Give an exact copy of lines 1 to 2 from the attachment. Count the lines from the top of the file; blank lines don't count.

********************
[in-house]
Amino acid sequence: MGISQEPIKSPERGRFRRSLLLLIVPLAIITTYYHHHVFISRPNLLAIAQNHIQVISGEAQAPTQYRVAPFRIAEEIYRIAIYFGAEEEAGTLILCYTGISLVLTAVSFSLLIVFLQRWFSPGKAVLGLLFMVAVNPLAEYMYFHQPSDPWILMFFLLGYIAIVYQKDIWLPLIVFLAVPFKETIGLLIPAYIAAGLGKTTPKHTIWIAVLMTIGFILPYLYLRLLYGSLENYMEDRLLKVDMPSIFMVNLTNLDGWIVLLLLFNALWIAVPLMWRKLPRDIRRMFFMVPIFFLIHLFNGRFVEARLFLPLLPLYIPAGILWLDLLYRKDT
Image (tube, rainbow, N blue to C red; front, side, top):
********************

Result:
[in-house]
Amino acid sequence: MGISQEPIKSPERGRFRRSLLLLIVPLAIITTYYHHHVFISRPNLLAIAQNHIQVISGEAQAPTQYRVAPFRIAEEIYRIAIYFGAEEEAGTLILCYTGISLVLTAVSFSLLIVFLQRWFSPGKAVLGLLFMVAVNPLAEYMYFHQPSDPWILMFFLLGYIAIVYQKDIWLPLIVFLAVPFKETIGLLIPAYIAAGLGKTTPKHTIWIAVLMTIGFILPYLYLRLLYGSLENYMEDRLLKVDMPSIFMVNLTNLDGWIVLLLLFNALWIAVPLMWRKLPRDIRRMFFMVPIFFLIHLFNGRFVEARLFLPLLPLYIPAGILWLDLLYRKDT